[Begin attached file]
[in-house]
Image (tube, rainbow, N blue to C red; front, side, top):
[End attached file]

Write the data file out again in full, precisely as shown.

[in-house]
Image (tube, rainbow, N blue to C red; front, side, top):